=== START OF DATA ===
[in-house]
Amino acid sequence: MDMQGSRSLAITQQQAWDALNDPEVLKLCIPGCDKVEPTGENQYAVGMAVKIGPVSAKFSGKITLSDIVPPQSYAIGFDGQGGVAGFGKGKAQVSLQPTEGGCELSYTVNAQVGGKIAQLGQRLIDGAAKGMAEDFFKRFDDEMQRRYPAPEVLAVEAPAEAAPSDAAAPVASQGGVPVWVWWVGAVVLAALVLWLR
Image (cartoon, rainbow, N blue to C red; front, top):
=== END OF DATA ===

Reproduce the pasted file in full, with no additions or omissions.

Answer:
[in-house]
Amino acid sequence: MDMQGSRSLAITQQQAWDALNDPEVLKLCIPGCDKVEPTGENQYAVGMAVKIGPVSAKFSGKITLSDIVPPQSYAIGFDGQGGVAGFGKGKAQVSLQPTEGGCELSYTVNAQVGGKIAQLGQRLIDGAAKGMAEDFFKRFDDEMQRRYPAPEVLAVEAPAEAAPSDAAAPVASQGGVPVWVWWVGAVVLAALVLWLR
Image (cartoon, rainbow, N blue to C red; front, top):